Connections with cricket

The aristocrats who made use of the Star and Garter were drawn to sport, not least for its potential for gambling and this was to feature prominently in their agenda. It was here that the early meetings of the Jockey Club were held around 1750. They promoted cricket as well, setting matches up and then wagering on results. Their enthusiasm and wealth were to move cricket from a rural game into something approaching a professional business. There are at least four important developments that in which attendees of the Inn played a major part:

1. The London Cricket Club

The original London Cricket Club was formed in or around 1722 by patrons of the Start and Garter and was one of the foremost clubs in English cricket over the next four decades. It is closely associated with the Artillery Ground, where it played most of its home matches, where there are records of much gambling taking place.

The London Cricket Club faded away during the Seven Years’ War (1756 – 1763) as aristocrats retreated to the countryside.

2. The Laws

The Star and Garter was the location for important meetings concerning formal codification of the Laws of Cricket. In particular, there are the editions printed in 1755 and in 1774, both of which specify that they were agreed at the Star and Garter. The 1774 code is recorded as being settled by a Committee of Noblemen and Gentlemen of Kent, Hampshire, Surrey, Sussex, Middlesex, and London. This we can see the grouping from which the MCC would emerge was already establishing a grip on the game.

3. The Je-ne-sais-quoi / White Conduit Club

Pelham Warner, in his history of the Marylebone Cricket club records that the Star and Garter was the location where members of an aristocratic group called the Je-ne-sais-quoi were wont to meet. From at least 1782, a subgroup of these also played cricket close to the pleasure park in Islington known as the White Conduit Fields, where the game had been played since at least 1718. They were to comprise what became known as the White Conduit Club, supposedly consisting solely of the upper echelons and playing several important matches.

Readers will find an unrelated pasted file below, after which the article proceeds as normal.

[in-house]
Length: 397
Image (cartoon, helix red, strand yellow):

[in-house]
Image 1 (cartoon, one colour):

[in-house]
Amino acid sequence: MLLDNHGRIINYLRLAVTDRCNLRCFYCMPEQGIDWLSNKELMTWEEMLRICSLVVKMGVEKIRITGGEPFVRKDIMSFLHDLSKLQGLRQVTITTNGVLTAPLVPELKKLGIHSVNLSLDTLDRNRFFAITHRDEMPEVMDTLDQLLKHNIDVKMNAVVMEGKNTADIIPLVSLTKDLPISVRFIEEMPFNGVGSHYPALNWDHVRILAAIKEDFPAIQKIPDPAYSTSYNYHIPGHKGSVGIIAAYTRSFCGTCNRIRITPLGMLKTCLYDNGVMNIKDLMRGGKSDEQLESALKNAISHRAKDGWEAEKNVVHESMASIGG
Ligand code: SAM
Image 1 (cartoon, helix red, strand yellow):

4. Marylebone Cricket Club

The ground at White Conduit Fields however, was not satisfactory. A public footpath crossed over it and there was no privacy for the players. One of the team who played there, one who was actually a member of the lower echelons, was Thomas Lord, an enterprising and ambitious wine merchant with contacts in the world of property. He was given the task of finding a ground where the gentlemen players could perform behind a barrier, to afford them decent privacy or, perhaps, so an entrance fee could be charged. He came up with the ground at what is now Dorset Square which he purchased himself and rented to the players, or at least, to some of them. The first match was played there in 1787 and the lessees of the ground were to organise themselves as the Marylebone Cricket Club – who need no introduction.